I love transcribing because as a hoarder, I feel safe. I’m not actually getting rid of anything. By writing longhand, a physical copy of the text will always exist. That is comforting to me. When I write the first draft on the computer, and later I was to cut something, I’d feel like I’m losing it permanently. Even though I save multiple files for each draft, transcribing the first draft reassures me that I’m not deleting anything good by accident. Every decision was made intentionally. To not transcribe a word, a sentence, or a paragraph feels better than cutting that same on the computer. I’m saving myself a lot of emotional energy later on. 

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Transcribing is so different from writing. While I’m transcribing, I’m more relaxed. Unlike writing, where I need to imagine something out of nothing or form a clear sentence using my pen and paper, transcribing is like singing along to a song. There is a rhythm to follow, and I’m not traveling alone. There is also a clear destination in sight. I know how many words, paragraphs, and pages are ahead. By being able to see the end coming, I know when I can stop and when I can push on.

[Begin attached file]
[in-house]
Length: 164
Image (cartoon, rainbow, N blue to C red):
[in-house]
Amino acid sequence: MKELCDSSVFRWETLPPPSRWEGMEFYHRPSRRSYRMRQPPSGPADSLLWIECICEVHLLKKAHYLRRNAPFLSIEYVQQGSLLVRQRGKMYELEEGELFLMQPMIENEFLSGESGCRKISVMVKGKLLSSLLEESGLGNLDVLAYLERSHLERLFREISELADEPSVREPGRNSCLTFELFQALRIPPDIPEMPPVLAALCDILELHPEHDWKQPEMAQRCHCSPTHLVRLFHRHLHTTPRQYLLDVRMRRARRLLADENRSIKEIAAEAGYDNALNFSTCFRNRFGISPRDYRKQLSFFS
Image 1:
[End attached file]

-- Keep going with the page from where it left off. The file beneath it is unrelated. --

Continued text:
When I write, I don’t write a lot every day, anywhere between 300 to 1000 words. I would always start each day by dating the page, and when transcribing, I use these little markers as checkpoints. I recall how hard it was to sit down and write each and every day — and I could empathize with myself from the past. When I transcribe a page written on a certain day, I feel a connection with who I was. For example, on Feb 28, I wrote this. When I transcribe that today, Jun 24, I feel like I’m looking over the shoulder of myself from Feb. It’s kind of freaky, but that’s how it feels sometimes.